The UK’s decision to leave the EU is no reason for ABN AMRO Private Banking to make any drastic changes to its equity policy. ‘It’s senseless to sell equities at fire-sale prices amid the commotion,’ says Didier Duret, Chief Investment Officer at ABN AMRO Private Banking. ‘It is mainly driven by political lack of visibility right after the vote to leave the EU. Visibility will come as the UK and EU leaders have to agree on a workable road map for the UK to exit. ’
Duret: ‘The consequences of the Brexit decision will probably only become clear in the long term. There’s no point in adjusting the equity portfolio at this point, even given the many uncertainties at play. Plus, prices already plummeted the day after the referendum. We expect corporate profits to rise again in the year ahead.’
Overweight cash and slight overweight in equities
The bank has taken a series of steps to reduce risk such as a reduction in equities (now slightly overweight) in April, a reallocation of European equities into US equities and an increase in the cash position and a reduction of peripheral bonds.
The market conditions are volatile as the exit might stay chaotic with no resolution with a recession starting to be priced in. The political leaders will define the way forward in the coming days. ABN AMRO attributes more chance to an orderly exit than a disordely scenario. It is the bank’s recommendation for the moment to wait for political clarification before action and redeploying cash into risk assets or rebalance assets.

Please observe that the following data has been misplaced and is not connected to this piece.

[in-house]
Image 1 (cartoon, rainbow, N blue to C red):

Active duration policy
With bond yields at extremely low levels, ABN AMRO Private Banking is maintaining a heavily underweight position in bonds. Given the uncertain situation, the private bank expects bond markets to remain volatile for some time and is therefore pursuing an active duration policy within its (underweight) position in government bonds. ‘If interest rates rise, we will reduce the duration of the portfolio, as shorter durations are less sensitive to rate increases than are longer durations. If interest rates fall, we will do the opposite.’
Spanish bonds sold
ABN AMRO Private Banking has slightly reduced its position in government bonds, mainly by selling Spanish bonds, and has increased its already overweight position in high-grade European corporate bonds.